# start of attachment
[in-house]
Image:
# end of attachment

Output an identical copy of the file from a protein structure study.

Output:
[in-house]
Image: